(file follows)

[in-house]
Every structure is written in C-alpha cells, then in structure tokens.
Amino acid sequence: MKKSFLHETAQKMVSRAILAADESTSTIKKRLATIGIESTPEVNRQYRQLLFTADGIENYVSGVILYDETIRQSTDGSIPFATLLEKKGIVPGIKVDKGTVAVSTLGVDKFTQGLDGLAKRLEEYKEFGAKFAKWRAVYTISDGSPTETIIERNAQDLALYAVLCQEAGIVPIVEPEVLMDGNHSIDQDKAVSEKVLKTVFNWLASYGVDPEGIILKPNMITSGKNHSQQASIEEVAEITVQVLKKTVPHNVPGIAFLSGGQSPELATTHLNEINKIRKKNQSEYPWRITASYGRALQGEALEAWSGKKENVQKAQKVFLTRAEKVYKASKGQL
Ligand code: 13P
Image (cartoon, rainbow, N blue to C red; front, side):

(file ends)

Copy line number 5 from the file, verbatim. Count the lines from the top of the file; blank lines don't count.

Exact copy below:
Image (cartoon, rainbow, N blue to C red; front, side):